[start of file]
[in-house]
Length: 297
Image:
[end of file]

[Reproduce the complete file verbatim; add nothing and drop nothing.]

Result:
[in-house]
Length: 297
Image: